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The problem is evidently invariant under scalar multiplication so we may suppose that both $\|v\|=1$ and $\|f\|=1$, in which case $f$ is necessarily given by $f(\lambda v)=\pm\lambda $. We may further replace $v$ by $-v$, if necessary, so as to be able to assume that $f(\lambda v)=\lambda $. Next notice that a linear functional $g$, defined on the whole ${\...


2

No, this is not the case, even assuming $X$ is complete. Take your favourite discontinuous linear functional $f$ on your favourite infinite-dimensional normed linear space $X$. The kernels of discontinuous linear functionals on $X$ are codimension-$1$ subspaces of $X$, and hence any Hamel basis of $\operatorname{ker} f$ can be extended to a Hamel basis of $X$...


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The problem is not too hard if you consider $$f(x)=\tan (A(x))\,\tan (B(x))$$ Using logarithmic differentiation $$\frac{f'(x)}{f(x)}=A'(x) \csc (A(x)) \sec (A(x))+B'(x) \csc (B(x)) \sec (B(x))$$ This gives $f'(0)=0$. Repeating the process knowing that $f(0)=\frac 13$ and $f'(0)=0$ (this simplifies a lot the calculations), we have $$f''(0)=\frac{16}{81} \left(...


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I'll give my suggestion: As stated by @Davide Giraudo in the post you linked to, you know that $f\star g= g\star f$, so we can assume without loss of generality that $f\in C^1$. Using this version of Leibniz intergral rule, we obtain that $$\frac{d }{d x}\big[ f\star g \big] = \frac{1}{2\pi} \int_{-\pi}^\pi \frac{\partial }{\partial x} \big[ g(y) \cdot f(x-...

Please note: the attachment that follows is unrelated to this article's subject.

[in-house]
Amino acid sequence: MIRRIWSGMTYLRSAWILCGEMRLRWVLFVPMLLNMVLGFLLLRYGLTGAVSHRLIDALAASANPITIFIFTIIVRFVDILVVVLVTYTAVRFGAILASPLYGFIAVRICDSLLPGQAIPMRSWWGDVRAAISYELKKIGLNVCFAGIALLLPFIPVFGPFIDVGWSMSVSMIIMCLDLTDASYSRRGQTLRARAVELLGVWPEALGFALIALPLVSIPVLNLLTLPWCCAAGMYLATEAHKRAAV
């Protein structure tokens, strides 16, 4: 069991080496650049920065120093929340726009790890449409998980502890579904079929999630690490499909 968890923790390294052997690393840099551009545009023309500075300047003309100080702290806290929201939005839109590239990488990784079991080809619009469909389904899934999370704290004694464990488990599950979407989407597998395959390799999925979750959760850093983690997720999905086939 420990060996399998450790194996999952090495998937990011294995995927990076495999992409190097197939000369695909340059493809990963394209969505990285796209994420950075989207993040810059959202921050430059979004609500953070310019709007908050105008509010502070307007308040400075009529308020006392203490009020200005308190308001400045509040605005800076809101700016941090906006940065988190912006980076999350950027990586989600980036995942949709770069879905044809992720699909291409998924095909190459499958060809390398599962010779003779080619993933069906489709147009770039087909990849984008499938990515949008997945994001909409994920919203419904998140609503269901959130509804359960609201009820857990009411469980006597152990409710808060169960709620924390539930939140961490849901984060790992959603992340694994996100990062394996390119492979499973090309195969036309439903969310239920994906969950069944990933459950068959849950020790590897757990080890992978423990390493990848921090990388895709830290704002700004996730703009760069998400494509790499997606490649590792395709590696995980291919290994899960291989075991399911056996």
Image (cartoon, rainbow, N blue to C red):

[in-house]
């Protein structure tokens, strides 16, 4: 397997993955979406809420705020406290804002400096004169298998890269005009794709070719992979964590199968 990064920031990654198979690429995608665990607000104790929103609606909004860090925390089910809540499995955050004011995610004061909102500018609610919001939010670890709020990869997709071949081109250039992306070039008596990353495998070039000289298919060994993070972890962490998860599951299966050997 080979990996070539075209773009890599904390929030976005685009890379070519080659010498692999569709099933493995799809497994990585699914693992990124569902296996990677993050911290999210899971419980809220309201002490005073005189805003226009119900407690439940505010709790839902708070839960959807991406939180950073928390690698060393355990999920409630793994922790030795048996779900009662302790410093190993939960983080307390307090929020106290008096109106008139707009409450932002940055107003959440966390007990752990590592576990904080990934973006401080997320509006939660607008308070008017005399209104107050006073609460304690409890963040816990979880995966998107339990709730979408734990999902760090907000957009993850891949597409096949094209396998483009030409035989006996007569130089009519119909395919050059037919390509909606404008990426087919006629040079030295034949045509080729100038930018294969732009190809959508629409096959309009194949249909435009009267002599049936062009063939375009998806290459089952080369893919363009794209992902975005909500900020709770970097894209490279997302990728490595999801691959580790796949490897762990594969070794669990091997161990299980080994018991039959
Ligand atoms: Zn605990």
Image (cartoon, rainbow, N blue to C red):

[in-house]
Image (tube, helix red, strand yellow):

1

Let $\mu$ be a measure on some measurable space $X$. You may then define: $$L^p(X,\mu):= \{f:X\to\Bbb C\,\mid f\text{ measurable and }\int_X|f|^pd\mu<\infty\}$$ For example if $X=\Bbb N$ and $\mu_c$ is the counting measure then a function in $L^p(\Bbb N, \mu_c)$ is just a sequence $f(n)$ satisfying $\sum_{n\in\Bbb N} |f(n)|^p<\infty$, ie this is $\ell^...


1

Let $H$ be any infinite-dimensional Hilbert space, and let $\psi:H\to\mathbb C$ be an unbounded linear functional (these exist in ZFC). Define $T:H\to H^a$ by $$ Tx=\psi(x)\,\psi. $$ Then $T$ is symmetric, defined everywhere, and $TH\subset H^a\setminus H^*$. If you don't want Choice, then you lose a lot of functional analysis; but in any case the above can ...


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Let us see that $\ker U\subset\mathcal M^\perp$. Let $x\in\ker U$, $x = u+v$ with $u\in\mathcal M$ and $v\in\mathcal M^\perp$. Then $0 = \|Ux\| = \|Uu\| = \|u\|$, so $u=0$ and thus $x = v\in\mathcal M^\perp$.


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For any $\varepsilon> 0$ there is $x\ne 0$ such that \begin{align*} \varepsilon\|x\|\ge\|Tx-\lambda x\|\ge\big|\|Tx\|-|\lambda|\|x\|\big|\ge |\lambda|\|x\| - \|Tx\|. \end{align*} Hence, $$ |\lambda|\|x\|\le\|Tx\| + \varepsilon\|x\|\le(\|T\| + \varepsilon)\|x\|. $$ Dividing by $\|x\|\neq0$ gives $|\lambda|\le\|T\|+\varepsilon$. Letting $\varepsilon\to 0$ ...


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